Originally created 05/25/04

The World Series Poker is a TV and Internet sensation

LAS VEGAS -- The best poker player in the world quickly does the math and doesn't like his odds at this week's World Series of Poker.

Thanks to a poker craze created by TV, the Internet and last year's remarkable storybook victory by a young unknown, a staggering 2,576 people are competing this time for a record $5 million first prize.

"When I started playing in 1987, I had a vision that if you became one of the top players you could expect to win the championship," said Howard Lederer, 40, a man with a lead-piercing stare and a number-crunching mind that have led others to regard as the best in the game. "Even if I'm the favorite, I'm still 200-to-1."

The days of several hundred pros and a smattering of amateurs competing in the grandest of poker events are over. Everybody from "Spider-Man" actor Tobey Maguire to a former Oklahoma beauty queen were betting they would be crowned the next poker king on Friday in the 35th annual World Series of Poker at Binion's Horseshoe Hotel & Casino.

"It's Everyman's tournament," said World Series co-director Matt Savage.

Last year, 839 men and women played in the No-Limit Texas Hold'Em event, in which players are dealt two cards each and make the best poker hand they can using those plus five additional common cards that are turned face up on the table. An aptly named accountant from Spring Hill, Tenn., Chris Moneymaker, won the top prize of $2.5 million.

Moneymaker was considered "Dead Money" in poker circles, someone destined to lose early. Instead, his Cinderella story is credited with transforming the game.

"He had the single-biggest impact on poker history. Period," said Dan Goldman, vice president of marketing for PokerStars.com, an Internet poker site.

Moneymaker advanced to the finals after paying $40 in a qualifying Internet event. For those who do not get lucky in the satellite tournaments on the Internet or at Binion's leading up to the World Series, the buy-in fee is $10,000.

Since his astonishing victory, the 28-year-old Moneymaker has become a poker celebrity. His face appears in poker magazines and people ask for autographs.

Lederer also points to the Internet in creating the groundswell of interest in poker. He said it helps that people like Moneymaker have successfully jumped from the Internet to "brick-and-mortar" tournaments.

Poker player Andy Bloch, a 34-year-old Massachusetts Institute of Technology and Harvard Law School graduate, believes there is another ingredient: "Two letters: TV. It's a great game for television."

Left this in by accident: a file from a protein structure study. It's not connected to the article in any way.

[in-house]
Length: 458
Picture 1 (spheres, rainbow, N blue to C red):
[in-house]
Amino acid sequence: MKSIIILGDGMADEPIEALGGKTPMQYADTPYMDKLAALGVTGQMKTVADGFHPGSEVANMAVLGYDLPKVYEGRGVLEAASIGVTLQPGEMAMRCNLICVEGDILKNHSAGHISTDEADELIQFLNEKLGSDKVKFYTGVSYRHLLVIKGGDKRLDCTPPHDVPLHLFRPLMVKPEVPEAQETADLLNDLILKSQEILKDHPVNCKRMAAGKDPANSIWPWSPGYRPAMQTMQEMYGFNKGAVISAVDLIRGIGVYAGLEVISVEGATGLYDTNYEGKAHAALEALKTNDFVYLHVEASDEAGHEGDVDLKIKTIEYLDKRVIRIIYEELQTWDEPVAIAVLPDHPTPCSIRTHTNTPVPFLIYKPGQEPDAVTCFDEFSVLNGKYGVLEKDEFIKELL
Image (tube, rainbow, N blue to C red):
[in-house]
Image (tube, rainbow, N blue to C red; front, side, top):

ESPN covered the finals in 2003 and has been replaying Moneymaker's performance again and again. This year the network plans to air 22 hours of coverage.

Other networks also have capitalized on the craze. The Travel Channel offers "World Poker Tour," and Bravo's "Celebrity Poker Showdown" has everyone playing along with their favorite stars.

Forget taking a job with The Donald or surviving weeks in the jungle for a paltry $1 million. The potential stakes at the World Series dwarf those of other popular reality shows, with the prize money for all the games in the tournament surpassing $41 million, compared with $22 million a year ago. Even second place in the finals is a whopping $3.5 million.

The World Series of Poker has come a long way since cowboy gambler Benny Binion began a poker tournament to crown the world's best player and winner Johnny Moss took home $30,000 in 1971.

Today the World Series comprises more than 30 events that involve different variations of poker, such as pot-limit Omaha and seven-card stud.

Those high-stakes games wrapped up last week before the much-anticipated No-Limit Texas Hold'Em finals began Saturday.

In no-limit betting, a player can risk all his chips with every turn of a card, guaranteeing high-stakes action and big-time losers. And another person's misery makes for great reality TV.

On Monday, hundreds were scrapping at Binion's, trying to win with a combination of skill, psychology and other tactics that include wearing impenetrably dark sunglasses.

"No matter how good you are, you have to get lucky," said Chris "Jesus" Ferguson, who holds a Ph.D. in computer science from the University of California at Los Angeles and won the 2000 World Series title.

Moneymaker found that out after the event kicked off Saturday. He lasted only three hours before losing his stack of chips to an opponent who landed one of only two cards that could have beat him.

"You have to catch those breaks to win tournaments," he said.


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